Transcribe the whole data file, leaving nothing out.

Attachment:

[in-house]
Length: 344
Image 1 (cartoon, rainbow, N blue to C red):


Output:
[in-house]
Length: 344
Image 1 (cartoon, rainbow, N blue to C red):